By: Mariann Young, Ph.D.
Rainbow Rehabilitation Centers
Summer is the time for picnics, vacations and outdoor fun of all kinds. And, for some of us, the question is, “What am I going to do to keep my children safe, supervised and entertained?” With planning and some preparation, children can have fun and stay academically enriched during the summer— and parents can keep their sanity!
A survey of readers of the Children’s Hospital of Denver Magazine were asked what they would be doing for the summer. About half of the readers (52 percent) responded that they believed their summer would be “just the right amount of busy.” Yet an all too familiar complaint from “tweens” and adolescents is that they are “bored.” Survey takers in their early teens were most likely to say that they would be bored (40 percent) while only 10 percent said that they would be overscheduled. These numbers were nearly equal for the older teens. This result is not too surprising, as older teens are typically more independent, have increased responsibilities, and have had several summers of planning and organizing their lives. They are closer to transitioning to young adulthood and this is reflected in their decision making.
There are several strategies that parents may utilize to ensure that their children are not bored or overscheduled. Make the summer enjoyable for children by planning the following for summer break:
- Engage children in the planning process. Plan ahead and have supplies on hand for indoor activities. If an activity is to take place outdoors, try to have an alternative plan if the weather does not cooperate.
- As the summer passes, review the summer plans that you have made to date. Brainstorm ways to fill the gaps and discuss if a planned outing or event was successful.
- Mark all of the activities on a family-sized calendar and post it in a central location. Make sure to consider the needs of each child on the calendar.
- Insist on summertime learning. Summer outings may present opportunities to learn about history, geography, and nature. Encourage your child to keep a journal of activities, including pictures and postcards, to reinforce what they’ve learned on the outing.
- Revamp, but don’t eliminate routine. You may loosen up on some chores e.g., Friday and Saturday can be “don’t make the bed day,” but it is important to keep other chores and routines intact. Planning for events, getting adequate rest, packing and organizing for events are all good summertime strategies.
- Develop and review safety procedures for kids, including both outdoor and indoor activities. For example, teach kids not to give out personal information on the phone or while on the Internet, or teach sun safety.
- Insist on summertime reading. Let your child choose the material. Explore the local library and become familiar with the summer programs offered.
- Set a bedtime. Getting the proper amount of sleep every night is important.
- Limit TV and video games.
- Reinstitute bedtimes and wake-up times two weeks before the start of the school year—this helps kids adjust back to the school routine.
- Play and exercise.
- Help around the house
(Tips for Shifting from School Year to Summer Break, 2010).
The transition to staying home alone
Are you thinking about leaving your child at home alone? Many parents wait until the tween years to attempt this milestone—for a few minutes, or for a few hours everyday after school. Here are suggestions on making the transition easy for you and your child.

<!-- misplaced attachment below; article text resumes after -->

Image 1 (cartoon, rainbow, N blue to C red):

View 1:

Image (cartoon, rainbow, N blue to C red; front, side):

Discuss rules and expectations
Sit down with your child and discuss your family rules and expectations. Is your child allowed to watch television, use the computer when home alone? Write down what your child can and can’t do while he’s at home alone. Since your child’s demands may vary from day to day, update his daily to-do list to reflect his schedule.
Be specific about whether or not family or friends are allowed to visit while you’re away. Also, make it clear if you expect your child to work on his homework, practice the piano, or set the table for dinner. It’s also important to discuss consequences if your child decides to ignore the rules you’ve established for him.
Your child should never reveal that he is alone, so role-play potential situations with him to make sure he is prepared. Prepare your home before allowing him to stay by himself. Make sure all your smoke detectors are in working order, install a peep hole in your front door, restock your first aid kit, and make sure he checks the caller ID on the phone so he knows who is calling the house.
Transition your child to time home alone gradually. Begin with thirty minutes, adding on time as your child’s confidence grows. Before you know it, you and your child will be comfortable with him at home alone, and another milestone of growing up will be behind you (Is Your Tween Ready to Stay at Home Alone?, 2014).
Provide your child with rewards for assuming this responsibility. These can be in the form of verbal praise or a tangible reward such as a new game, clothing, or other treat.
Talk to your child often and review how things are going. Be flexible. Work together to build your child’s confidence.
Summer can be a challenging time for parents, but with some planning, it can also be rewarding and memorable for parents and their children. Have fun!
[accordian][toggle title=”References” open=”no”]
Is Your Tween Ready to Stay at Home Alone? (2014, May 12). Retrieved from about.com: http://tweenparenting.about.com/od/afterschoolactivities/tp/The-Home-Alone-Experience.htm
Tips for Shifting from School Year to Summer Break. (2010, April 13). Retrieved from Great Schools: http://www.greatschools.org/special-education/support/662-tips-for-shifting-from-school-year-to-summer-break.gs